Patients on HAART therapy have a 26% increased relative risk of a myocardial infarction, per year of treatment . More recently, it has also been shown that NNRTIs have a low to no increased risk of myocardial infarction compared to protease inhibitors . It has also been shown that Ritonavir, protease inhibitors, is associated with increase in carotid intimal wall thickness . The incidence of peripheral arterial disease appears to be increased in this patient population, independent of traditional cardiovascular risk factors. Atherosclerosis and vascular disease in patients with HIV/AIDS and HAART is a topic of great interest and a complete discussion of this topic is beyond the scope of this article.
Patients with HIV/AIDS are more predisposed to aneurysmal disease, especially that of the aortic and cerebral blood vessels; at a higher incidence than the general population. Aneurysms can be due to vasculitis, either by the HIV virus itself  or secondary infections with CMV or tuberculosis . The aneurysms are usually atypical and multiple when caused by the HIV virus itself.
Patients with HIV/AIDS can develop pulmonary hypertension that is believed to be secondary to a combination of inflammation and genetic factors [40, 41]. Plexogenic arteriopathy has been described in this patient population [42, 43].
Primary pulmonary hypertension, occurs in less than 0.5% of patients with HIV infection , the prognosis is usually poor. Echocardiography is useful for the diagnosis of pulmonary hypertension and to rule out secondary forms. Right heart catheterization remains the gold standard for diagnosis. Histologically, plexogenic arteriopathy is found most commonly, similar to the findings in immunocompetent patients [42, 43]. Thrombotic arterial lesions and veno-occlusive disease occur far more rarely . Intravenous drug users are prone to the development of pulmonary hypertension, which maybe related to intravenous injection of foreign material . This pulmonary hypertension is usually worsened by poor compliance . Treatment of pulmonary hypertension includes calcium-channel blockers, diuretics, anticoagulation, and prostacyclin analogues . The latter, specifically epoprostenol, efficiently reduces pulmonary artery pressure both acutely and in the long term in patients with HIV infection . The effect of HAART therapy on slowing the progression of pulmonary hypertension is a topic of current research. Zuber et al. showed improvement of pulmonary arterial pressures with long term HAART therapy . Pulmonary hypertension, associated with HIV/AIDS, differs from idiopathic/ primary pulmonary hypertension in terms of rapidity of progression, is unrelated to CD4 count and is associated with a worse prognosis compared to non- AIDS patients. Bosentan/ PDE inhibitors and heart-lung transplant are usually the only treatment options that work in these sub-groups of patients .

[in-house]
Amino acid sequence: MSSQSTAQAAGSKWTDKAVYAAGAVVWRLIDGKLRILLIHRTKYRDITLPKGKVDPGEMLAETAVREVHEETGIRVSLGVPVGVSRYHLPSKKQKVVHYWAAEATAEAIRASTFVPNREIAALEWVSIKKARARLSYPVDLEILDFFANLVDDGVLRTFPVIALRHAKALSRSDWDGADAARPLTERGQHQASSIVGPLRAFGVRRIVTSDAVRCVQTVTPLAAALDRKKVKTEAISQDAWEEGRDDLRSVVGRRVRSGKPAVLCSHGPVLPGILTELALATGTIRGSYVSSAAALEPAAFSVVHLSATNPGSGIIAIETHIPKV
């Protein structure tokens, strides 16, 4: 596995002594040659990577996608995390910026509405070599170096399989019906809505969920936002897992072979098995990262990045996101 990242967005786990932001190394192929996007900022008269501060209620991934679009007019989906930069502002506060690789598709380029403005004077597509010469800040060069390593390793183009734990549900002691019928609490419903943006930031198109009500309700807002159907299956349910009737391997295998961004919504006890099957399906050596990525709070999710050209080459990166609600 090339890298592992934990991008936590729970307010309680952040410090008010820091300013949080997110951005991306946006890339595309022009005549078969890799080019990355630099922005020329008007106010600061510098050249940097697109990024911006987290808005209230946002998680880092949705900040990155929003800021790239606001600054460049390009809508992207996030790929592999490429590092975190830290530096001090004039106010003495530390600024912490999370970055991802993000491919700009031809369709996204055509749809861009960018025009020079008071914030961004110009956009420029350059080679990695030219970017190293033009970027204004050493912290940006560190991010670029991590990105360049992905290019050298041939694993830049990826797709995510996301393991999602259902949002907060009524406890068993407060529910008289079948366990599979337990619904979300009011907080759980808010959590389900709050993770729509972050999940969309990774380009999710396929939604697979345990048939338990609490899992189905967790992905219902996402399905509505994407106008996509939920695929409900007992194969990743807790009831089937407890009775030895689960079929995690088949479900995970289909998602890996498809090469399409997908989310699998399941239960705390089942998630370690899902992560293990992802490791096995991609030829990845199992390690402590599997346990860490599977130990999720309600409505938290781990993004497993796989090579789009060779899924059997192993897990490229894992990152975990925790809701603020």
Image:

The incidence of deep venous thrombosis has been shown to be approximately ten times more than the general population . The pathogenesis of the prothrombotic state appears to be a combination of factors: increase in plasminogen activator inhibitor (PAI)- type 1, heparin cofactor II, protein S and d-dimer values .